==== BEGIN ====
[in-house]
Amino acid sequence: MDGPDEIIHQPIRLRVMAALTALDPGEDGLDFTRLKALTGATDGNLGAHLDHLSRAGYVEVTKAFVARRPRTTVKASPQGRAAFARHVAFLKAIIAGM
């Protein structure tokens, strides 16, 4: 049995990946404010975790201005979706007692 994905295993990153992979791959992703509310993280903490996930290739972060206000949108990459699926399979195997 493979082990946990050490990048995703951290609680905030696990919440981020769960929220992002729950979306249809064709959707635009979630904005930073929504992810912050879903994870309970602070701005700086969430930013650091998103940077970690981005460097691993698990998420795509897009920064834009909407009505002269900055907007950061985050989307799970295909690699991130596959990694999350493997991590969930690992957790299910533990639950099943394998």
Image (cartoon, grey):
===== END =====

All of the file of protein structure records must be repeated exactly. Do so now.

[in-house]
Amino acid sequence: MDGPDEIIHQPIRLRVMAALTALDPGEDGLDFTRLKALTGATDGNLGAHLDHLSRAGYVEVTKAFVARRPRTTVKASPQGRAAFARHVAFLKAIIAGM
């Protein structure tokens, strides 16, 4: 049995990946404010975790201005979706007692 994905295993990153992979791959992703509310993280903490996930290739972060206000949108990459699926399979195997 493979082990946990050490990048995703951290609680905030696990919440981020769960929220992002729950979306249809064709959707635009979630904005930073929504992810912050879903994870309970602070701005700086969430930013650091998103940077970690981005460097691993698990998420795509897009920064834009909407009505002269900055907007950061985050989307799970295909690699991130596959990694999350493997991590969930690992957790299910533990639950099943394998």
Image (cartoon, grey):